Simple Up and Running Script Based Containerization
February 15, 2017

Simple Up and Running Script Based Containerization

Claudio Fernando Maciel | TrustRadius Reviewer
Score 10 out of 10
Vetted Review
Verified User
Review Source

Overall Satisfaction with Docker

We use Docker to provide us fast containerization of our Continuous Deployment and Integration pipelines. Once our code is good for shipping, we trigger a test pipeline which will in turn compile all its dockerfiles, upload them to hub.docker.com if needed and then upload/install an updated version of the system and its environments at DigitalOcean via Docker drivers and swarm. Our developers as well as our production servers use it as well, being our stack composed of a total of 4 different nodes, a MongoDB container; an elasticsearch container; a nodejs container and our discovery service container, comprising Consul key-value database to store all data from our slave nodes. It's solely maintained by our development team, but the system built within is widely used by our staff as well as the company's clients, spread throughout the world.
  • Its topology isolation is in my opinion an unbeatable feature. In our systems we have the need of parallel Java 7 and 8 versions to be running together. Without Docker that would not have been made possible.
  • Docker Swarm, taking care of our load-balance characteristics so needed for our systems is a must have.
  • Docker composer is a very powerful feature, therein I can have my containers scripted and each of its continuous integration and deployment separated with each of its own concerns isolated whilst all being nicely bootstrapped together under the same "docker-compose up" command.
  • Some commands are not very intuitive. In order to have an entire swarm properly functioning [specifically for the scenario we have at our company] wasn't a simple task, having to maintain a very wide range of environment variables safely and nicely kept and good for use. The pipeline to have such a topology ready wasn't simple to figure out how to come up with.
  • Some volumes, if not properly shut down when its necessary, will take up to all your disk space. The extra -v attribute wasn't too obvious to use when removing an specific volume leading us to a huge headache.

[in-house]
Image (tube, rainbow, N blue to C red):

• Some containers, though exposed as official ones at docker.hub.com, are very space and memory consuming. We have do figure out our own containers for pretty much everything, even though the services that were necessary in the containers were pretty vanilla.
  • We took quite a long time to come up with the exact scripts/commands and pipelines that our company needed. It has a pretty steep learning curve for the professional who need to create/implement the scripting part. Using it is a completely other story, as it's the simplest container tool I've ever dealt with. Once all the pipelines were properly implemented, we saved virtually hundreds of hours of implementation and debugging as we no longer needed to match the faulty server's environment with the implementation one
  • Docker became an essential tool in our stack as it provided us a fast way to have our servers and our clients' server up and running in no time.
  • We needed some patience and tech savvy professionals in order to get Docker to actually become a company's culture. Its too steep learning curve got our developers scared at the beginning, leading the entire process to become a little too slow in the starting phases.
LXC is great tool if you do not want to deal with any learning curve, however, we found a huge stumbling block when it comes down to having to port the newly created container throughout the company's serves and machines. With Docker everything is smooth, as all we needed was our Dockerfile and docker-compose.yml files.
Vagrant works nice when we are talking about scripting, but the ending result is just another your-average-joe virtual machine, so we gave up. VirtualBox, well, it's a virtual machine as well. Fast up and running server with simple scripting medium, only with Docker!
It's excellent for Continuous Integration and Continuous Deployment. Simple, savvy serviced based containers that can be fired at the simple script command. If you need to have your system promptly up and running, Docker is a perfect choice, even for the unskilled user, as it can be configured to run automatically via scripting by the technical staff. It provides a very elegant way of guaranteeing that all the environments are in sync throughout the company. A developer may have its own machine, but it will always match the production and staging servers.